Product placement in movies can be a big deal, and it often draws complaints from viewers. When Back to the Future Part II was released in 1989, there was a lot whining about all the products that were prominently featured, although I always thought it was completely appropriate to see future versions of companies like Pepsi, Pizza Hut and Texaco on screen. I’m still waiting, though, to be able to make a pizza by just saying, “hydrate level four, please.” Having one’s products featured in such a blockbuster was a coveted thing, but it’s not every day when you run across a film that begins with a lengthy statement advising the audience that a certain product does not endorse its appearance in the film you are about to watch. Such was the case with the 1985 Australian import, The Coca-Cola Kid.
The titular “kid” is a hotshot Coca-Cola marketing wiz named Becker (Eric Roberts), send from Atlanta to spice things up for Coke in Australia. In the course of doing his research, he finds a region of the Land Down Under, known as Anderson Valley, where Coke products are nonexistent. That’s because the folks in that region are hooked on the drinks of local eccentric T. George McDowell (Bill Kerr). It also doesn’t hurt that whenever the big soft drink reps show up in town, he scares them off with his shotgun.
Becker is determined to get Coke into this remote corner of Australia, even if that means striking a deal with the odd McDowell, who sees a future that involves Coke marketing his drinks across the globe. Becker also has to deal with a unique relationship with his Aussie secretary, Terri (Greta Scacchi), who has ties to Anderson Valley, as well as a variety of other quirky characters.
The Coca-Cola Kid is a film that has several interesting pieces which don’t exactly fit together perfectly but do manage to create a pretty enjoyable film. If I’m going to be completely honest, I’d say that Eric Roberts is somewhat miscast in this part. After his creepy turn as Paul Snider in Star 80, it’s hard to imagine him playing any character that would be described as “kid.” Plus, despite having spent some of his youth in Atlanta, his attempt at a southern-fried accent is as labored as you would expect it to be. Yet, there is something very charming about Roberts’ performance. You totally buy that he sees Coke as the great hope for the world and that in his world making sure that the citizens of Anderson Valley can have a Coke and a Smile is his purpose in life. Likewise, Greta Scacchi’s performance is lovably quirky. Tonally, she seems to be in a different hemisphere than Roberts, and yet when everything finally clicks between their two characters, we totally buy it.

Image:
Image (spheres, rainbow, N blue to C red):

Though the two leads are appealing in their own ways, the standout performance for me was Bill Kerr as McDowell, king of the Anderson Valley soft drink market. He’s a shrewd, gun-toting backwoods businessman who’s both an oddball and the smartest character in the film. His business methods are a bit off-kilter, but they’ve worked for him…that’s all that matters. We do get some brief glimpses of some of the other unique citizens of Anderson Valley, but the film does fall a bit short in the world-building department. I needed more moments where this slick young marketing guy from Atlanta deals with the culture shock of going to this remote Australian town.
The film also misses the mark with a few strange subplots that are more distracting than entertaining. A few sequences involve Becker trying to find the “Australian sound” for a Coke commercial. He even hires a didgeridoo player he meets on the street to contribute. The song the come up with is catchy but doesn’t do anything to move the story forward. There’s also a really cringe-worthy sequence in which Terri and some cohorts attempt to cause trouble for Becker by having some homosexual men hit on him so they can snap incriminating photos. It’s a sequence that almost completely flushes the likability of Scacchi’s character down the toilet. It speaks well of her ability as an actress that she brings the audience back into her camp by the time we reach the film’s climax.
I remember when I was a kid there was a Coke commercial that used a song that said, “I’d like to teach the world to sing in perfect harmony.” I can’t say that The Coca-Cola Kid has anything close to harmony going on. It has several parts that work well on their own, even if they don’t quite come together perfectly. This is a film that has a lot going for it, but it does end up going flat a few times.